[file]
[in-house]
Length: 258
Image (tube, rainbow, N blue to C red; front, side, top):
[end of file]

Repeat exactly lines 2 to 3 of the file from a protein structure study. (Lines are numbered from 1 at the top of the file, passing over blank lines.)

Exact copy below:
Length: 258
Image (tube, rainbow, N blue to C red; front, side, top):